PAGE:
Make us your home page
Instagram

Today’s top headlines delivered to you daily.

(View our Privacy Policy)

Man wanted in St. Pete killing found hiding in baby crib

ST. PETERSBURG — A man accused of killing a 21-year-old woman last month tried to hide in a baby's crib Tuesday when authorities came to arrest him, police said. A police dog found Morris Vernell Hires III in the crib and bit him on the arm before officers and members of the U.S. Marshals Service took him into custody.

Hires, 18, was arrested at his home at 535 26th Ave. S, the same address where Felicia Celeste Vickers was shot March 15.

He was accused of the killing a few days after Vickers died and authorities issued an arrest warrant. Detectives think he left the area, but recently returned home, police said.

"Apparently they developed some information that he was back in town," said St. Petersburg police spokesman Mike Puetz.

Authorities came to Hires' home about 10:45 a.m. Tuesday and began a search. The dog found him in the crib, police said, but Hires tried to resist arrest and the dog bit him.

He was taken to a local hospital for treatment, police said.

Vickers, who had recently moved to St. Petersburg from her native Tennessee, was in a group of people who drove to Hires' house to buy drugs just after midnight March 15, authorities said. When they got there, one of the people in the car argued with Hires.

He then pulled a gun and fired into the car, police said. A bullet hit Vickers.

The group drove to Bayfront Medical Center, where they dropped off Vickers and sped away, police said. She was taken into the hospital, but died later that day.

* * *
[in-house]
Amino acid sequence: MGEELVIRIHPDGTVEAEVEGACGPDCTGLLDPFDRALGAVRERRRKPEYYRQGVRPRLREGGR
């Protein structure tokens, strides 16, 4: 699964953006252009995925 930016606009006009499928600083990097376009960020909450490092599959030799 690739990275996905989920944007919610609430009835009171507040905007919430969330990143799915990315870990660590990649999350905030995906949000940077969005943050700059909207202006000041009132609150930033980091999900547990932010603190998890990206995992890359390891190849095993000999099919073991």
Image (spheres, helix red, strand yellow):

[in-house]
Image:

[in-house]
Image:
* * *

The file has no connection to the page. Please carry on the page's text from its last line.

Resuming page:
Detectives later identified the people who had accompanied Vickers to the house and zeroed in on Hires as a suspect. He was charged with her death March 18.

Police did not know where Hires fled immediately after the shooting or what prompted him to return, Puetz said. He faces a charge of second-degree murder.

Man wanted in St. Pete killing found hiding in baby crib 04/30/13 [Last modified: Tuesday, April 30, 2013 11:57pm]
Photo reprints | Article reprints

© 2017 Tampa Bay Times

    

Join the discussion: Click to view comments, add yours

Loading...
  1. Woman's decomposed body found near St. Petersburg railroad tracks

    Crime

    ST. PETERSBURG — A woman's body was found near the railway tracks behind an empty building at 3100 38th Ave. N, according to St. Petersburg police.

  2. Warehouse burns on Tampa's east side

    News

    TAMPA — Hillsborough County emergency crews are at the scene of a two-alarm fire at a warehouse near 56th Street and East Hillsborough Avenue.

    Hillsborough County firefighters battle a blaze Thursday night at a warehouse on Hillsborough Avenue in Tampa. [Hillsborough County Fire Rescue]
  3. 'Dream big' drives Lightning's Conacher brothers

    Lightning Strikes

    BRANDON — Two words: Dream big.

    Cory Conacher includes them every time he signs an autograph for a young hockey fan.

    Tampa Bay Lightning forward Cory Conacher (89) on the ice during Lightning training camp in Brandon Friday morning (09/15/17).
  4. Irma roughs up endangered snail kites, birds that help us gauge the Everglades' health

    Wildlife

    Hurricane Irma was as rough on some wildlife as it was on the humans. Audubon of Florida reported Thursday that the storm destroyed all 44 nests around Lake Okeechobee built by the endangered Everglades snail kite, a bird considered crucial to the River of Grass ecosystem.

    Hurricane Irma destroyed 44 snail kite nests, capping off a poor mating season for the endangered species, which is seen as an important barometer of the health of the Florida Everglades. Their off-center beaks allow them to probe inside the spiral shells of the native apple snails. But the snails' population has dropped as the Everglades has changed. [MAC STONE | Audubon of Florida]
  5. New center opens in Tampa to help those with missing, damaged limbs

    Veterans

    TAMPA — Justin Lansford, his service dog Gabe by his side, smiled broadly Thursday as he imagined the future of a sprawling, resource center for people who need artificial limbs and those interested in helping them.

    Justin Lansford, 27, lost his left leg above the knee in Afghanistan. He was one of dozens of people attending the opening of the Veterans International Institute of Orthotics & Prosthetics in Tampa on Thursday. [HOWARD ALTMAN   |   Staff]